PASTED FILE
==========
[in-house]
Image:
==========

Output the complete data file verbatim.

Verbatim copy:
[in-house]
Image: